Large dogs, such as golden retrievers and malamutes, have a few differences in their reproductive and pregnancy cycles compared to smaller dogs. Large dogs do not have their first heat until they are 12 to 24 months old, and they do not show pregnancy as early as smaller dogs. The pregnancy stages remain the same, but a large dog may end up being much further along than assumed. Large dogs will also eat much more during their pregnancy--50 per cent over their normal food consumption.
Trimesters for dogs are only 21 days long, as the entire gestation period only lasts 60 to 64 days. You won't see many changes in the dog during the first trimester. The eggs implant in the uterus at about 10 days in, and physical changes will begin to occur at the 15th day. Her nipples will begin to grow larger and turn dark pink. The fur on the belly may also thin out noticeably.
The large dog may have morning sickness in the second stage of pregnancy. This typically only lasts about a week. This is also the time that you should be able to tell that your large dog is pregnant. Vets can check the abdomen or perform a x-ray to confirm. Large dogs can be hard to check by just an abdominal examination, so they will most likely need to perform the x-ray. Food consumption will continue to rise.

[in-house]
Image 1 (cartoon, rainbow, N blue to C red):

In the final stage before birth, the dog may have a marked loss of appetite. Smaller meals throughout the day are easier on large dogs about to give birth. Nesting instincts will begin to show, as the dog prepares to find a place in which to birth her litter. Her nipples will be swollen, and milk may begin leaking. Signs that she is about to give birth include a clear vaginal discharge or a large rectal temperature decrease.
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